In another alternative, the one or more visually coded touch points 130 can comprise a visually coded texture. The visually coded texture can include, for example, textures such as roughening, grooving, dimpling, hatching, etc.

In yet another alternative, the one or more visually coded touch points 130 can comprise variations in patterns. The patterns can include black and white patterns, color patterns, surface texture patterns, or combinations thereof.

It should be understood that if the air cleaner 100 includes more than one door 104, each door can reveal one or more visually coded touch points 130. Each door can repeat the visual coding presented by other doors or can present visually unique touch points.

FIG. 3 shows the air cleaner 100 according to an embodiment of the invention. In this embodiment, the air cleaner 100 includes a first air cleaning component 116 a, a second air cleaning component 116 b, and a third air cleaning component 116 c. The figure further shows an air moving device 117 that creates an airflow through the first air cleaning component 116 a, the second air cleaning component 116 b, and the third air cleaning component 116 c. The air moving device 117 can comprise a motor and fan, for example.

In this embodiment, the first air cleaning component 116 a includes at least one first touch point 130 a, the second air cleaning component 116 b includes at least one second touch point 130 b, and the third air cleaning component 116 c includes at least one third touch point 130 c. It should be understood that each air cleaning component can include more than one touch point. The touch points 130 a-130 c function to visually differentiate the respective air cleaning components 116 a-116 c from the chassis 108 and from other portions or components of the air cleaner 100.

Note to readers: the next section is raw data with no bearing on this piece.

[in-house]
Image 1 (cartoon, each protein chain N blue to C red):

FIG. 4 shows the air cleaner 100 according to an embodiment of the invention. In this embodiment, the air cleaner 100 includes an electrostatic precipitator assembly 400 and a post filter 430 installed in the chassis 108.

In the embodiment shown, the electrostatic precipitator assembly 400 includes an electrostatic precipitator cell 402 held in a frame 401, with the frame 401 including a handle 406 and one or more retainer devices 407. The one or more retainer devices 407 engage a portion of the chassis 108 (see FIG. 5 and the accompanying discussion below). The one or more retainer devices 407 therefore retain the electrostatic precipitator assembly 400 within the air cleaner 100. The handle 406 can be used to grasp the electrostatic precipitator assembly 400 and can be used to insert and remove the electrostatic precipitator assembly 400 from the air cleaner 100.